The court rejected this argument, finding that Bray had acted consistently and had made clear when issuing the invoice that they were reserving their position with regard to the validity of the payment notice.
Was the pay less notice valid?
Kersfield argued that clause 1.7.3A of the contract frustrated sections 111(7) (which defines the ‘prescribed period’ for service of a pay less notice) and 116 (which specifies how time periods are calculated) of the Act. Bray argued that section 115 of the Act (which relates to service of notices) permits the parties to agree on the manner of service of notices.
The court agreed with Bray, finding that clause 1.7.3A of the contract was a reasonable and sensible provision which did not frustrate the provisions of the Act. The pay less notice was therefore out of time according to clause 1.7.3A.
Was Kersfield entitled to start a further adjudication on the substantive merits of Bray’s claim for payment?
Both parties accepted that the adjudicator’s decision was only temporary in the sense that any alleged overpayment to Bray could be corrected in later interim payments or at final account stage. However, Kersfield argued that it should be entitled to start a further adjudication on the true value of the existing payment application, otherwise Bray would be unfairly entitled to a windfall payment.
The court rejected Kersfield’s argument, relying on the line of cases such as ISG Construction Limited v Seevic College (2014) and Galliford Try Building Ltd v Estura Ltd (2015) as authority for the rule that there is no basis to challenge a ‘notified sum’ once it has become due. The court stated:
“… where a particular interim payment has been fixed by the default notice mechanism under the contract, as in this case, there is no contractual basis on which to revise that payment by reference to a proper valuation of the works and therefore there is no relevant dispute that can be referred to adjudication. I acknowledge that the default notice mechanism under the Act might result in unfairness or hardship to an employer in circumstances where the contractor received a windfall from the employer’s procedural failure. However, it simply regulates the cash flow as between the parties and does not affect their substantive rights. The employer could protect its cash flow by serving one or both of the notices that could put in dispute the sum claimed by the contractor. This finding does not preclude a challenge to the valuation of the works and/or any claims and cross-claims for the purpose of subsequent interim payments or for the purpose of determining the sums due on a final and conclusive assessment.”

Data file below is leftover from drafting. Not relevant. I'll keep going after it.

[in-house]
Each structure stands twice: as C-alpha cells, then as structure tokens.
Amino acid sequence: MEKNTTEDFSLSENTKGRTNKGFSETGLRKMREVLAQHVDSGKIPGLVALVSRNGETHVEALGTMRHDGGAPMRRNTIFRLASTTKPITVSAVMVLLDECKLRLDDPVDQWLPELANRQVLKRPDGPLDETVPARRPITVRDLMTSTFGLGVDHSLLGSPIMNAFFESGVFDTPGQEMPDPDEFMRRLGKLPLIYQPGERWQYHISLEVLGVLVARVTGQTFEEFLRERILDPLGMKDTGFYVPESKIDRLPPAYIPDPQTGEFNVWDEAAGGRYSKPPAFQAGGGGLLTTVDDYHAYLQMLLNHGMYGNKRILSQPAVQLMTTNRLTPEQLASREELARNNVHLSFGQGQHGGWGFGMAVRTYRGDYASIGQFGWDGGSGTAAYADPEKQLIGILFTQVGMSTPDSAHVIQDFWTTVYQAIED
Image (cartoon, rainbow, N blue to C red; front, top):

Should judgment in favour of Bray be stayed?
Kersfield’s final argument was that a court judgment in Bray’s favour should be stayed because Kersfield was not currently in a position to pay the sum awarded by the adjudicator and, if it was later found that Bray had been overpaid, Bray would not be able to pay Kersfield back.
The courts have the power to order a stay of a judgment in certain circumstances. However, the key principle of adjudication is that the winner should not be kept out of its money, so the court will only order a stay when there is no dispute on the evidence that the winner is insolvent and cannot repay any overpayment.
The court examined financial evidence relating to both companies and found that, whilst neither company was in a great financial position, there was no evidence that Kersfield could not get hold of funds to pay the judgment sum and no evidence that Bray would not be able to repay any overpayment if necessary. The court therefore declined to order a stay so that Bray was not kept out of the money it had been awarded by the adjudicator.
This is another case which demonstrates to paying parties the importance of serving payment notices and pay less notices on time and strictly in accordance with the requirements of the contract. The courts are very clear in their approach to these types of cases that where the requisite notices have not been served, the paying party must immediately pay the sum which has been applied for and then set about recovering any alleged overpayment by other means. Given the potentially serious financial consequences this can have, it cannot be emphasised enough that paying parties must have a robust system in place for the issue of timely notices.